NEWER POST

Baltimore Poet Dyane Fancey Dies, Leaves Us with Perfect Poem

OLDER POST

Meet Johns Hopkins' Impressive Honorary Degree Recipients

Lifeline

Baltimore’s Awkward Relationship with Our Sister Cities

3 Written by: | Tuesday, Apr 22, 2014 10:30am

Photo via Wired

Photo via Wired

Some sisters are so close that they tell each other everything. Others have a more… strained relationship. Baltimore and her sister cities seem to fit into that second category. One measure of just how strained the relationship is: I didn’t even know we had sister cities!

This awkward family tension came to my attention thanks to a blog post by the Atlantic Cities, which details MICA grad student Ashley Molese’s senior thesis, which involved her reaching out to Baltimore’s 11 sister cities. (Just so you know, they are: Alexandria, Egypt; Luxor, Egypt; Piraeus, Greece; Rotterdam, Netherlands; Kawasaki, Japan; Xiamen, China; Gbarnga, Liberia; Bremerhaven, Germany; Ashkelon, Israel; Genoa, Italy; and Odessa, Ukraine. Most were chosen because they, like Baltimore, are port cities.) You can read a fuller account of her experience here, but the short version is — there are some troubles among the sisters.

A few of Baltimore’s sister cities have even severed the relationship, either officially or just by refusing to return our calls. Maybe our sister cities in Ukraine and Egypt can get a pass — they’re going through a rough time, after all — but Italy, Liberia, and Germany have no such excuse.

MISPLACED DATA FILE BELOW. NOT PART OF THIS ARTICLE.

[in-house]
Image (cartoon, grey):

Leave a Reply

  • Brian Mahoney

    you forgot Ireland

  • Julie Evans

    Back in the 1980’s and 90’s Baltimore’s Sister City program was very active with a small staff supplemented by a large group of volunteers that coordinated many educational, cultural and other kinds of exchanges between the various cities. For instance, the Orioles played in Kawasaki, Japan and the Walters hosted a major exhibit from Kawasaki. There were also student exchanges. Some relationships were always more active than others, some of which existed largely on paper only. Tight budgets and different priorities of recent mayors have diminished the program in recent years.

  • Ethan

    Genoa has a small park called Giardini Baltimora. Appropriately, it’s in a rough part of town and guidebooks advise against going there at night.



NEWER POST

Baltimore Poet Dyane Fancey Dies, Leaves Us with Perfect Poem

OLDER POST

Meet Johns Hopkins' Impressive Honorary Degree Recipients

Most Comments This Week

2

Gracious Receiving 101

Written by Melinda Cianos

Wednesday, Dec 17, 2014 10:51am

1

Stoking the Start-Up Spirit at Gilman School

Written by Muffy Fenwick

Monday, Dec 15, 2014 12:37pm

1

Lobo sounds like it could be my new favorite bar...

Written by Amy Langrehr

Wednesday, Dec 17, 2014 3:15pm

Recent Comments

bill
Incoming Lieutenant Governor to Forgo Most of His Staff

"I have a money saving idea. When the name Martin O'Malley is removed from all the signs...

Cija
Gracious Receiving 101

"I wish I'd read this at my birthday party last year...I need to write How to Become A...

Terri Steel
Patti
Is There Email After Death?

"Yesterday was the end of year 1. fabulous. so so so so so true. thank you, Patti in...